Alphabet’s Chief Legal Officer Stepping Down Amid Investigation
SAN FRANCISCO — David Drummond, the chief legal officer of Google’s parent company, Alphabet, and one of its most senior executives, is resigning amid an investigation into his relationships with women at the company.
In an email sent to employees at Google and Alphabet, Mr. Drummond, who joined Google in 2002 as its first general counsel, said he planned to leave Alphabet at the end of the month. He said that it was the “right time for me to make way for the next generation of leaders” in light of Larry Page and Sergey Brin, Google’s founders, announcing plans to step back from a day-to-day role at the company.
The continued employment of Mr. Drummond was a source of frustration for many Google employees in the aftermath of an article from The New York Times in 2018 that disclosed how the company handled sexual harassment complaints and inappropriate relationships of its top executives.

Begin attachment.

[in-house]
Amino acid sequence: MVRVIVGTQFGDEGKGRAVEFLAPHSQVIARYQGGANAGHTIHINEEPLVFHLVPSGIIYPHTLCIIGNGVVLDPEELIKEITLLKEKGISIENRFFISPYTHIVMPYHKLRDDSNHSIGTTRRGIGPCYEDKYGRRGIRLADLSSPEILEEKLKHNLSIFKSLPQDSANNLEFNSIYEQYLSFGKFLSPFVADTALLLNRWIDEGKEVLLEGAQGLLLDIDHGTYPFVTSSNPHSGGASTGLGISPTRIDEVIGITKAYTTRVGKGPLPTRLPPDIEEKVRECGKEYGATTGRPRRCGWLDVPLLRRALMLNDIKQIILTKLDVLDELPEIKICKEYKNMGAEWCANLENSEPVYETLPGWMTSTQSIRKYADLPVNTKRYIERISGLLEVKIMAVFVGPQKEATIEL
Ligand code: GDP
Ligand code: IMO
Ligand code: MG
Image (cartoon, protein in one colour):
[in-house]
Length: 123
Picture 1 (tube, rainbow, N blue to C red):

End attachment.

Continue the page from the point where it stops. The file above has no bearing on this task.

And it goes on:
Mr. Drummond had an extramarital relationship with a woman who worked for him and recently married another woman from Google’s legal department. A committee of independent directors from Alphabet’s board hired a law firm to investigate its handling of allegations of sexual misconduct and inappropriate relationships by current and former executives.
Alphabet’s board is investigating allegations of sexual misconduct and inappropriate relationships by current and former executives as part of its legal defense against shareholder lawsuits over its handling of the matters, according to documents viewed by The Times.
The internet giant’s board formed a special litigation committee of independent directors this year and hired the law firm Cravath, Swaine & Moore to investigate the claims made in one such shareholder lawsuit, according to the documents.
This is a developing story. Check back for updates.
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